The other issue is that playing solo takes longer than I’d like. We know the concept behind Tokaido is a peaceful journey. So being patient is part of the process. However, when playing a solo game, I don’t like waiting a long time before I can interact with the game. And waiting for the AI players to take their turns is a big downside.
Even with those issues, we’d recommend you check out the Tokaido app.
The third game we want to highlight today is Onirim.
Even in it’s original card game form, Onirim is a well-suited solitaire game.
Which means it’s perfectly suited to be a digital game where the app does all the shuffling for you.
It’s a very simple game of playing sets of colored Dream cards where the symbol of the following card can’t match the one before it. When a player gets 3 of a color in a row, they unlock one of those colored doors.
Once a player has unlocked 2 of each of the 4 color doors, they win!
The tutorial is very helpful to learn the game and can be accessed at any time.
However, that’s much easier said than done.
Because along the way come Nightmares.
And when a Nightmare appears players have to choose how to get rid of it. They can either spend one of their cards with a Key symbol on it, discard their hand of cards, put back one of their found doors, or remove the next 5 cards from the draw deck from the game.
All of those options are nasty.
The Nightmares can be a terrible pain to overcome.
Discarding cards is a bad thing since the game ends when the draw deck is depleted. So if a player runs out of cards before opening all 8 doors, they lose.
It’s a well produced digital game and is only 99 cents!
The line between physical board games and digital board games is blurring more and more every day. A ton of physical board games have gone digital over the last few years to great success. Players can choose whether to play the physical version or the digital version depending on where they are or who they’re with.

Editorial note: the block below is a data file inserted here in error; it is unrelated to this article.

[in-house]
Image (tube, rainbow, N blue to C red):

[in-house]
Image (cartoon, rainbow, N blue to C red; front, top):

It’s no longer “either/or” – now it’s completely both. That’s because the digital Mansions of Madness app is the only way to play the physical game. You can’t play one without the other.
And it’s wonderful!
In Mansions of Madness 2nd Edition, players interact with both the physical game components as well as the digital app. Players use boards, cards, tokens, miniatures, and dice while the app unfolds the story before them.
It’s truly an immersive experience that pulls us in and keeps us wanting more.
Mansions of Madness 2nd Edition is an amazing blend of physical and digital game play.
I could keep this section really short and just say, “do what the app says to do”. But that would be over simplifying it all.
Yet, at the same time the app really is the driver of all the action in the game. And it’s very cool!
Set up the initial map tiles and token as described in the scenario on the app and you’re ready to go!
Of course there’s more to it than that because like many Fantasy Flight games, the game comes with 2 rulebooks. There’s a 19-page “Learn to Play” book and a 24-page “Rules Reference” book. So you know there’s plenty to discover.
I’ll just give you a quick taste of the flow of play and spend the bulk of this review in sharing our thoughts.
The rulebook does a great job of describing the set up complete with diagram of what’s what.
There are three essential choices when setting up the game – players choosing their characters, their starting possession, and which scenario to play. Since it’s a cooperative game, players freely discuss choices during set up as well as during play.
Pick your character and let’s get started!
Mansions of Madness is played over many game rounds. There are 2 phases to each round: Investigator Phase and Mythos Phase.
During the Investigators Phase players can choose their turn order and each investigator (player) can take 2 actions. They can do the same action twice or choose two different actions: Move, Explore, Search, Trade, Interact, Use Component Action, or Attack.